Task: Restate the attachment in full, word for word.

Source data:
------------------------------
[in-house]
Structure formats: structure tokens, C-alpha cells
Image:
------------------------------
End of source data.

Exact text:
[in-house]
Structure formats: structure tokens, C-alpha cells
Image: